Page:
Archive for the ‘Did you Know?’ Category
Simply look at the number of needles that come out of the same spot on a twig. If a twig has needles in groups of two, three, or five, you can safely say it’s a pine. If the twig carries its needles singly, it’s a good bet you’ve got a fir or a spruce. Now pull off a needle, and roll it between your fingers. If it feels flat and doesn’t roll easily, it’s a fir. If the needle has four sides and, rolls easily between your fingers, it’s a spruce.
Learning to control fire was perhaps man’s greatest achievement. It allowed him to live in places formerly uninhabitable, to cook his food, change his landscape, and make weapons. The ability to create fire whenever and wherever it was needed was essential to the advancement of technology, and it could be argued that the invention of matches marked the birth of modern society.
The Arctic is the area surrounding the earths North Pole. The Arctic includes parts of Russia, Alaska, Canada, Greenland, Lapland and Norway (including Svalbard), as well as the Arctic Ocean. The 10°C (50°F) July isotherm is used to define the border of the Arctic region.
The Arctic is also known as the land of the Midnight Sun as it within the Arctic Circle.
The name Arctic comes from the ancient Greek ??????, meaning ‘bear’, and is a reference to the constellation of the Great Bear and the Little Bear, which are located near the North Star (which is actually part of the Little Bear).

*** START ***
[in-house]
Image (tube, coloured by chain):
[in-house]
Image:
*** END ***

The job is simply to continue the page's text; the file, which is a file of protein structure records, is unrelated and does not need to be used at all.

Do you know where the word Jerky (as in jerked beef) originated?
Just over a hundred years ago the women of the Comanche Indians used to butcher the buffalo that had been hunted and killed by the Comanche men. They then sliced the meat as thinly as possible and hung it to dry in the sun. They lit fires, not to cook the meat but to produce smoke to keep away the flies and other insects. This dried buffalo meat was called charqui. Over time the word was Anglicized to the word we know today, jerky.
Throughout history the bear has been a significant creature, a symbol of both raw courage and power both admired and feared by man. It is not without good reason that the heavenly guardian of the wandering traveller, Ursa Major – the Great Bear, points to the North Star as an ever watchful sentry boldly guiding our way through even in the darkest night.